Those with an electric vehicle (EV) already know the fringe benefits that come with owning an EV: carpool lane access, federal and state tax incentives, the quiet ride, and nearly non-existent maintenance costs. But is it possible to take a road trip with an EV? The short answer, yes. More and more state and national parks are EV-friendly with amenities such as dedicated charging stations that you can easily find with apps or your onboard navigation system.When towing or camping with an EV, options open up even further as any campsite with electric hookups enables you to charge before embarking on your next adventure.
Growing Infrastructure Gets You Farther
Not long ago, you would be limited to travel in certain regions of California or other major metropolitan areas in order to find charging stations for your EV. Charging station infrastructure exploded in the 2010s with Tesla leading the way. Followed by a number of third-party companies, charging station options have increased tenfold since we purchased our first EV in 2013.
As more partnerships develop between private companies and state and national park systems, what was once an unattainable feat is now easily accessible. In 2017, BMW North America partnered with the National Park Foundation, the National Park Service, as well as the Department of Energy to donate and install 100 charging stations in and around national parks. This includes Big Cypress National Preserve, Cape Cod National Sea Shore, and Death Valley National Park. With new charging stations added to the already growing network, the great outdoors is even more accessible to EV drivers.
Where Can I Go Camping With My EV?
With more efficient motors, large battery packs, and increasing capabilities, you can easily camp, or bring along a towable with your EV. The best part about camping or towing with your EV—besides not having to worry about the mechanical strain on your vehicle—is that any campsite with electric hookups can become an EV-friendly location. Our Tesla Model X comes with a portable charging cord and adapters that enable us to charge just about anywhere there’s electricity.
Planning Makes It Possible
We camp everywhere from the middle of a cow pasture to boondocking on state land to amenity-laden KOAs. Just like any camping trip, a level of planning is needed whether you’re towing with an EV or just visiting a campground for the night.
When camping with an EV you need to of course plan for electricity; you need to consider if it’s available on site, the amperage, and the length of your stay.
Boondocking is a more difficult camping excursion when camping with an EV, but still possible. In fact, the majority of our camping experiences have been boondocking without an external source of electricity. Utilize your car’s onboard navigation or third-party apps such as PlugShare and Roadtrippers to locate charging stops along the way. It’s also important to estimate your battery capacity upon arrival.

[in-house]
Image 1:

We usually charge at the nearest charging station to our final destination. Depending on the distance, it dictates how much charge we need. The further away, the higher percentage of charge we need to ensure we can drive to the site and back to the station on the return.
While it’s rewarding to be self-sufficient when boondocking, it’s comforting to have the option of plugging in. When choosing a campsite, it’s important to know if a site has a 30 amp hookup, 50 amp hookup, or both.
Our rig uses 30 amps, which allows us to charge our vehicle utilizing the 14-50 adapter that came with our Tesla off of a 50 amp outlet. The 50 amp hookup provides roughly 8kW per hour for our vehicle, so it can fully charge overnight.
If we have a 30 amp hookup then we have to choose between charging the EV or running the camper. We typically spend 2 to 3 nights at any given campground, which provides a few options: We can charge the EV off a regular wall outlet for the entirety of the trip, which gives a full charge by our departure, or we switch between charging the car or running the camper, depending on the time of year.
We have yet to come across a campsite with a dedicated EV charger, but that may be changing. Michigan’s governor announced an initiative to install charging stations at state parks and campgrounds, among other locations in the state, and two campgrounds in New York’s Adirondacks region recently installed chargers. While having dedicated EV chargers at campgrounds is convenient, it’s not necessary if you travel with compatible adapters.
Camping and towing with an EV is not as far-fetched as you might think—it just requires some planning. As infrastructure grows and more parks and campsites offer onsite charging, RVing with an EV will only become more accessible.